I'm currently running a few labs here on my own since my university cannot do them in person and I have a SPICE model file in which the lambda value is set for a transistor. When I run a DC sweep on the transistor between the drain and the source and plot the graph and use it to calculate the lambda value I end up with a small discrepancy (1.5e-2 in the model file vs 1.31e-2 in the hand calculation from the simulations DC Sweep results) but I cannot for the life of me work out why? Is it to do with whatever way the simulation converges on the values or is it a case of because I only use a small area of the saturation region to calculate the value the result is off by a bit?

Any help would be appreciated!

Schematic enter image description here


.SUBCKT CD4007N 1 2 3
M 1 2 3 3 CD4007N
.MODEL CD4007N NMOS(L=5u    W=20u             
+VTO    = 1.77          Kp      = 2.169e-4      GAMMA   = 4.10  
+PHI    = 0.65          LAMBDA  = 1.5e-2        CBD     = 20e-12
+IS      = 1e-15         PB      = 0.87
+CBS    = 2e-14         CGDO    = 88e-8         CGBO    = 0
+CJ     = 2e-10         MJ      = 0.5           CJSW    = 1e-9
+MJSW   = 0.33          JS      = 1e-8          TOX     = 1.265e-10)
  • \$\begingroup\$ It depends on many things you have not specified: the type of analysis (.dc, .tran), the number of points, the schematic, itself, how good is the model/subcircuit. \$\endgroup\$ Nov 22, 2020 at 20:00
  • \$\begingroup\$ @aconcernedcitizen Apologies, I'm not really sure (beyond as I said it being a DC Sweep) what kind of analysis it is? The voltage went between 0 and 10 V and the step was 0.001. I'll add the schematic and model now. \$\endgroup\$
    – dbradley
    Nov 22, 2020 at 20:08
  • \$\begingroup\$ @dbradley Can you consistently calculate 1.31e-2 even at different fixed values of \$V_{GS}\$ ? \$\endgroup\$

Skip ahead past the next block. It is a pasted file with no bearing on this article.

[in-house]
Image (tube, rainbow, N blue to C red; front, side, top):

– Ste Kulov
    Nov 22, 2020 at 20:28
  • \$\begingroup\$ @SteKulov Yes, at different V_GS values it is pretty consistently 1.31e-2 \$\endgroup\$
    – dbradley
    Nov 22, 2020 at 21:02
  • \$\begingroup\$ There is no guarantee that the LAMBDA parameter in the model file is used in exactly the same way as the lambda value you calculated by hand. In other words, there may not be any discrepancy. \$\endgroup\$ Nov 22, 2020 at 21:09

1 Answer 1


I tried it myself using LTspice and am able to get the expected result. It's possible your procedure is flawed, so I'll lay out how I typically do this measurement/calculation.

First, \$\lambda\$ (aka the "channel length modulation parameter") is calculated using the output characteristics (\$I_{D}\$ vs. \$V_{DS}\$) when the MOSFET is fully in saturation. At this point the output curve forms a straight line. To get \$\lambda\$, you must first extrapolate this line and find the \$V_{DS}\$-intercept. For different \$V_{GS}\$, this \$V_{DS}\$-intercept point will be the same, so \$\lambda\$ will also be the same. The following image from this website highlights this behavior:

enter image description here

You can use the equation for lines to get an easier expression to work with, which I'll do below.

$$ \begin{align*} y = mx + b &\implies x\text{-intercept} = -\frac{b}{m} \\ &\implies -\frac{1}{\lambda} = -\frac{I_{D}\text{-intercept}}{\text{slope}} \\ &\implies \lambda = \frac{\text{slope}}{I_{D}\text{-intercept}} \\ \end{align*} $$

I like to do one more simplification, which allows us to plug in values directly from the LTspice plots without having to explicitly calculate the \$I_{D}\$-intercept. If we take a specific point on the line \$(V_{DS_1},I_{D_1})\$ we can rewrite as:

$$ \begin{align*} &I_{D}\text{-intercept} = I_{D_1} - \text{slope} \cdot V_{DS_1} \\ \\ &\therefore \text{ } \lambda = \frac{\text{slope}}{I_{D_1} - \text{slope} \cdot V_{DS_1}} \end{align*} $$

With the above information, we can perform the simulation on the circuit in question. I chose your same \$V_{GS}\$, but swept the \$V_{DS}\$ up through 20V because that's around where I was satisfied with "straightness" of the line. When plotting \$I_{D}\$ vs. \$V_{DS}\$, I selected points at 20V and 19V to get the slope.

enter image description here

Using the slope and one of the points (I used the one on "Cursor 2"), we can solve the equation derived above:

$$ \lambda = \frac{\text{slope}}{I_{D_1} - \text{slope} \cdot V_{DS_1}} = \frac{(637.561 \times 10^{-6})}{(55.255 \times 10^{-3}) - [(637.561 \times 10^{-6}) \cdot 20]} = 15 \times 10^{-3} $$


Your Answer

By clicking “Post Your Answer”, you agree to our terms of service and acknowledge you have read our privacy policy.

Not the answer you're looking for? Browse other questions tagged or ask your own question.